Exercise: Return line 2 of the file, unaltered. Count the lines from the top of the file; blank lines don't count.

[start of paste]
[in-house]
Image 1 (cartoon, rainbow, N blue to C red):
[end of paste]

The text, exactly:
Image 1 (cartoon, rainbow, N blue to C red):